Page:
All money has production costs whether gold mining or dollar minting and seigniorage.  Cryptocurrency mining costs are derived from maintaining the blockchain. But cryptocurrency’s role as a currency is not equitable with fees generated from worldwide payment markets.  Attempts to extrapolate a market valuation and cryptocurrency value based on Visa or MasterCard income from transactions confuse money with credit.  Properly defined cryptocurrency should be a medium of exchange, store of value, and unit of account.  Its transaction fees are a function of blockchain validation and mining.  Visa and MasterCard offer a loan denominated in dollars with terms of interest to the merchant and the borrower.  Credit is not comparable to money, though monetary aggregates like M2 are often mistakenly conflated with money.  The only money is base money: cash/currency and bank reserves.  Attempts to justify a cryptocurrency’s market valuation based on extrapolation of Visa-type transaction fees are missing the definition and function of money, and thus currency.

Gold is the monetary standard of reference because its value has remained stable for millennia.  While gold’s value is stable, it is priced in dollars which have been unstable as a fiat currency.  The dollar price of gold is the inverse of value of the dollar.  Gold has increased by a factor of 36 since 1971, while the value of the dollar has decreased by its inverse, or 97 percent.  The increased market price of gold measures excess supply of dollars created by a rudderless fiat currency regime.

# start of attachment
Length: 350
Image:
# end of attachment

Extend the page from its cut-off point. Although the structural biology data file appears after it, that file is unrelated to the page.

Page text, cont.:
There is a theory that since gold is precious, its production non manipulable, and its value stable then the total stock of gold represents the only true currency.  This is the Rothbardian view, an offshoot of Austrian economics.  Rothbardians then derive a price of gold by dividing the total monetary stock, Fed liabilities, by the total stock of gold.  This arrives at a price of gold around $15,000/oz.  Some promote the same view for calculating the price of bitcoin.  They divide the monetary stock by bitcoin’s fixed supply of 21 million units.  This is how bitcoin prices of $1,000,000, calculated on M2 instead of Fed liabilities, get tossed around.  

Another popular cryptocurrency valuation method is PANOOYA analysis—pull a number out of your ass.  This seems to be the only explanation for how traders arrive at nice round number valuations like $50,000 or $100,000.     

It is not possible to have a global currency based on the limited supply of gold and it is even less possible to create a monetary system based on a fixed supply of cryptocurrency.  If it was, the monetary system would have evolved to a 100 percent gold money system.  Instead the global monetary system evolved to a gold standard, where governments linked currencies to the stable value of gold.  Any currency linked to gold then becomes as good as gold.  There is a 300 year record of success when gold standards are properly established and maintained.  The U.S. abandoned the Bretton Woods international monetary system based on gold out of academic ignorance.  Starting at the beginning of the 20th century and expedited by confusion over the cause of the Great Depression, monetary managers lost understanding of how and why a gold standard works.  Despite this ignorance, the efficacy of a gold standard remains as valid today as at any time during its successful implementation over the past 300 years.  Gold’s stability of value inertly signals the chaos of the global fiat system.  Cryptocurrencies are a technological attempt around global fiat chaos, but they also must adhere to gold’s monetary reference…or lose relevance as money.   

The Dollar Price of Gold

The Problem with Bitcoin

Edited by Stephen Shipman